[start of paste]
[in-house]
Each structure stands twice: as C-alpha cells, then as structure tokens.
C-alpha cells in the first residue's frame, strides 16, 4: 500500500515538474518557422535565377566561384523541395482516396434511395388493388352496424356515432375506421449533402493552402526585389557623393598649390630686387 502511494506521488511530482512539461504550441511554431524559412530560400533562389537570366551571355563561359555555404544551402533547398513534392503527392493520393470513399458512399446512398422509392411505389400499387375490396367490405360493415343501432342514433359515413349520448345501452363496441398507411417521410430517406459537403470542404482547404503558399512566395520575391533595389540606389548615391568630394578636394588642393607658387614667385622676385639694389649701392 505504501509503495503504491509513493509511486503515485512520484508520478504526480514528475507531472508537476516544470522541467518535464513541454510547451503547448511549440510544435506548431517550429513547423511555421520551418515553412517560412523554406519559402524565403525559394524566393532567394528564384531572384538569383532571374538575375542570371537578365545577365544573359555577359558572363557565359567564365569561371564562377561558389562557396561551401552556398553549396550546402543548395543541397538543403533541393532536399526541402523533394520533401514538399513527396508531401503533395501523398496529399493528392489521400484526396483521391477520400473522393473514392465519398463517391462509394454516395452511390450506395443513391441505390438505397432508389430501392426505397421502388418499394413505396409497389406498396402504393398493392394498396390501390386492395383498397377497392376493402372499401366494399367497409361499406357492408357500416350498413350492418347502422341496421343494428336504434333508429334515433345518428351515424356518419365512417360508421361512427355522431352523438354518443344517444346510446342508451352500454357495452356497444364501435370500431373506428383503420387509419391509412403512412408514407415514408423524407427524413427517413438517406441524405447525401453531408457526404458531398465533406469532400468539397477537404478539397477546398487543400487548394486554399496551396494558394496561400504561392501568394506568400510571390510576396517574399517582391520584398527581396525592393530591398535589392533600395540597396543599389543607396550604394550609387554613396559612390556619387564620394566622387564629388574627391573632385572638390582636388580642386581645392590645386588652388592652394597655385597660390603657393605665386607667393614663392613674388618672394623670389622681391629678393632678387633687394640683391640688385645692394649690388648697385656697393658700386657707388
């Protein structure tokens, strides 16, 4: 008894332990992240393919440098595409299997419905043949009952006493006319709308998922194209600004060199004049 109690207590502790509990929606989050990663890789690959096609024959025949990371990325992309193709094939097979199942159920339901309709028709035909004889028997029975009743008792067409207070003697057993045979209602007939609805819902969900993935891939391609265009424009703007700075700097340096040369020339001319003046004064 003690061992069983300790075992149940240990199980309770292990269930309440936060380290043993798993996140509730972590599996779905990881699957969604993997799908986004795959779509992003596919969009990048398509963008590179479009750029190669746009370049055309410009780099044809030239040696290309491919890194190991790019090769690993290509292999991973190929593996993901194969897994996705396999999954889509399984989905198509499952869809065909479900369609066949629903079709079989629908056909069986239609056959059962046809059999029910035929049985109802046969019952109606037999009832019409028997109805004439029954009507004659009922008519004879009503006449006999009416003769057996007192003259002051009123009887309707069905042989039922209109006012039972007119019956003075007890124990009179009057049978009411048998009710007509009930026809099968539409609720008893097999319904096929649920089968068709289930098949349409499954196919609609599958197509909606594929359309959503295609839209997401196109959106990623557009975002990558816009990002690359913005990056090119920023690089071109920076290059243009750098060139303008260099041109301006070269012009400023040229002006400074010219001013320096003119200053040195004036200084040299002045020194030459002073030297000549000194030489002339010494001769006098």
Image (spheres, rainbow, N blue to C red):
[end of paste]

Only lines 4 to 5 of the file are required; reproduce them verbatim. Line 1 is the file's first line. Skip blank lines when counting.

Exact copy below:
């Protein structure tokens, strides 16, 4: 008894332990992240393919440098595409299997419905043949009952006493006319709308998922194209600004060199004049 109690207590502790509990929606989050990663890789690959096609024959025949990371990325992309193709094939097979199942159920339901309709028709035909004889028997029975009743008792067409207070003697057993045979209602007939609805819902969900993935891939391609265009424009703007700075700097340096040369020339001319003046004064 003690061992069983300790075992149940240990199980309770292990269930309440936060380290043993798993996140509730972590599996779905990881699957969604993997799908986004795959779509992003596919969009990048398509963008590179479009750029190669746009370049055309410009780099044809030239040696290309491919890194190991790019090769690993290509292999991973190929593996993901194969897994996705396999999954889509399984989905198509499952869809065909479900369609066949629903079709079989629908056909069986239609056959059962046809059999029910035929049985109802046969019952109606037999009832019409028997109805004439029954009507004659009922008519004879009503006449006999009416003769057996007192003259002051009123009887309707069905042989039922209109006012039972007119019956003075007890124990009179009057049978009411048998009710007509009930026809099968539409609720008893097999319904096929649920089968068709289930098949349409499954196919609609599958197509909606594929359309959503295609839209997401196109959106990623557009975002990558816009990002690359913005990056090119920023690089071109920076290059243009750098060139303008260099041109301006070269012009400023040229002006400074010219001013320096003119200053040195004036200084040299002045020194030459002073030297000549000194030489002339010494001769006098």
Image (spheres, rainbow, N blue to C red):